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Shalom UCC adds COVID relief fund to outreach

From her involvement on the church’s Mission and Social Justice Committee, Marsha Stipe helped Shalom United Church of Christ in Richland form the Tri-Cities Immigrant Coalition (TCIC) and continues to find avenues for the church to serve the community.

Marsha Stipe helps organize fund for COVID relief.

Photo courtesy of Marsha Stipe

Because of struggles of people during COVID, TCIC recently formed the Tri-Cities Mutual Aid Project to financially help people in food service, agriculture and service jobs who do not qualify for any federal assistance programs.

With the expected influx of Afghan refugees, the TCIC is exploring what they can do.

On the Mutual Aid Fund, Marsha said that the community has been devastated by the pandemic: “We recognized that people needed cash to help with rent, utilities, food and health costs, so we started the fund.”

The fund prioritizes undocumented people, seniors 60 and older, people who lost employment or work hours, people quarantined without pay, people with disabilities and grave illnesses, people experiencing homelessness, people of color and people in the LGBTQ community affected by COVID. Funds go to people in Franklin or Benton Counties who did not receive federal stimulus checks or unemployment compensation, Marsha said.

For the Mutual Aid Fund, TCIC partners with the Washington Immigrant Solidarity Network (WAISN) and Planned Parenthood. Applications for the program are available through the WAISN state Help Line—844-724-3737—which receives hundreds of calls from the Tri-Cities.

“Our initial goal was to raise $5,000 and give awards of $150 to $300 to qualified individuals. When we first opened applications, we received 400, so we needed more funds.

With the urgency, we ‘went on the road’ to raise funds and increased our goal to $50,000, then to $100,000 and now we have raised $120,000 on our way to $150,000,” Marsha said.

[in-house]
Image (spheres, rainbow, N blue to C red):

“The pandemic has gone on much longer than we ever imagined,” she said.

By mid-September, the fund had given more than $100,000 in awards of $150 to $500 to more than 300 people, primarily women with children.   Funds have come from grants, businesses, local and state organizations and individuals. Some individuals regularly give $25 to $300 a month. Group Health Foundation gave a $50,000 grant.

The TCIC, a nonprofit, through Shalom UCC, is the fiscal agent.

“Recipients have been more than grateful,” Marsha said.

Organizers often hear: “I didn’t know that anyone cared.” 

“This project has demonstrated that our community does care. All donations go directly to families and individuals in need,” she said.

In August, the Mutual Aid Fund opened a second round of applications and received 110.

Donations are mailed to Tri-Cities Immigrant Coalition Shalom UCC 505 McMurray St. Richland WA 99354.

Marsha said the Tri-Cities Immigrant Coalition, which she chairs, formed in 2017 in response to negative press about immigrants. Shalom’s Mission and Social Action Committee sent a letter to churches and organizations inviting interested people to come together to counteract those messages.

An initial meeting in June 2017 for training with a group from Walla Walla drew 70. A Tri-Cities group formed.  More than 90 people are on the TCIC group mailing list. The core is now about 25, many from Shalom, but also outreach people from other churches, community members, farm workers and labor organizations.

“We began by educating ourselves and the community, engaging with organizations and churches to network, do advocacy by writing elected officials, and support immigrants,” said Marsha, who before retirement was a speech and language clinician, school administrator and assistant superintendent of schools in several communities.

“With COVID, we shifted TCIC from education talks and tabling to help people know their rights and holding community forums on economic and legal issues for immigrants, because those activities were face-to-face,” she said.

They shifted to do the fund and advocacy through letters to the editor and petitions. They meet monthly, sometimes with a featured speaker, and to share information and network.

In September, Aneelah Afzali, executive director of the Muslim Association of Puget Sound-American Muslim Empowerment Network, spoke as part of the Tri-Cities Immigrant Coalition adding another dimension to their mission: exploring resettling Afghan refugees through World Relief in the Tri Cities.

“Several expressed interest in resettling Afghan refugees here, so we are in the exploratory stages,” Marsha said.

“We first formed to educate ourselves on undocumented Hispanic people to be a welcoming community,” she said. “Now we are learning about welcoming Afghan refugees.”

Marsha joined a Sept. 12 webinar with Irene Hassan of the national UCC. It is recorded and available to share online. She said the national UCC is calling President Biden to increase the number of refugees from 50,000 to 200,000.

There are enough members active in TCIC, so some can focus on supporting undocumented immigrants, and others can focus on welcoming new refugees.

Shalom’s interim pastor Stephen Gentle and the Mission and Social Justice Committee are strategizing how to move forward as a congregation.

For information, call 509-946-6168, email or visit


Copyright © Fall 2021 - Pacific Northwest Conference United Church of Christ News


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